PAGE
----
Thursday, 15 October 2009

Talking at Gigs (Part 2)

A few days ago we posted about people talking at gigs here . We concluded by asking the question what could be done about the problem ? Or is it a problem at all ?

First let’s examine the second question. Is it a problem at all ? Well it certainly is for some people judging by comments on the first part of this blog as well as some emails received by Breaking More Waves. But not everyone considers this issue a problem. For many going to a gig is a social event, a way to spend a few hours with friends, and over the band chatter is part of the evening. Yet such chatter can be a spoiler for others. In many ways the argument has similarities to arguments about passive smoking a few years back, before the smoking ban in indoor public spaces and workplaces was introduced.

So if for some it is a problem, what can be done about it ?

One distinction that needs to be drawn is the type of gig we are talking about. At a loud rock gig, talking is less of an issue. At such concerts we believe that atmosphere can be added when people are singing along or celebrating noisily, you only have to witness the number of stadium and arena shows where bands actively encourage the audience to join in. At such shows, if someone is chatting it has less impact on those around them, because of the sound levels. Then if you take a band like Iron Maiden or My Bloody Valentine, chatting becomes an impossibility as the volume gets turned up to absurdly loud ear crunching levels.

So the type of gig where chatter is a potential problem is the quieter or acoustic gig. Such gigs demand the full attention of the audience and any talk can be disruptive for everyone in the room. It is a wonderful experience to watch a gig where the audience is respectful, giving themselves the chance to immerse themselves fully in the music.

Now we revert back to the first question. What can be done about the problem ? Let’s focus on quiet gigs here. In terms of behavioural change gig goers can be encouraged to alter their ways through positive actions or a more heavy handed enforcing type role can be implemented to help people to reconsider their chattering. It’s the carrot or the stick argument. At one local venue in our home town of Portsmouth in the UK the promoter of quieter gigs takes to the stage before the gig starts and asks people to keep chat to a minimum during performances, and those that don’t will be asked to leave. This may seem a little officiously controlling but it works and provides a good evening for both audience and artist. There’s still plenty of time for chat in between bands. Other venues in other towns have signs up on the walls requesting quiet, but these are sometimes ignored unless there is a penalty to pay such as eviction from the venue. Of course potentially the most powerful person to encourage is the artist themselves. Yet only very rarely have we actually seen an artist at an acoustic show ask for quiet. Is this because an artist accepts that people may chat, or is it because they don’t want to upset their ‘audience’ ? Of course if someone in the audience is talking too much, as an audience member you can politely ask them to quieten down, but this runs an increased risk of aggravating the situation as one of our readers commented on part one of this blog.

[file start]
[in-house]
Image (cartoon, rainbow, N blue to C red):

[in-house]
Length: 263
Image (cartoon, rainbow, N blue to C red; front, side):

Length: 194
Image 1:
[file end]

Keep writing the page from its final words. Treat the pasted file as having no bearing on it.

Certainly from experiences we have had at quieter gigs the carrot with a small threat of a stick achieves the objective of a quiet venue the best, although there may be the odd disgruntled punter. For noisier and bigger gigs the solutions are less easy, especially as everyone going to these types of gig will have different expectations of acceptable behaviour.


Anonymous said...

I don't mind a bit of chatter at pub gigs.. It depends on the venue though..

Mistress Wanda said...

Maybe for acoustic gigs take the approach that comedy clubs do. They usually have signs up about no talking and often the doormen remind you on the way in to keep quiet while the acts on. I think the majority of people would be in favour of this. After all there's plenty of time to talk to your mates in between acts.

Breaking More Waves Blog said...

Anon - It's interesting to see how different venues effect the audience behaviour. Rock / folk gigs in churches are interesting - we've seen audiences reduced to whispering in such venues even before the band has come on.

Mistress Wanda - Yep agreed that could work. (Nice blog by the way, hope you keep it up - I'll have a look regularly and add it to BMW 'Blogs we read' list if you do.)

Mistress Wanda said...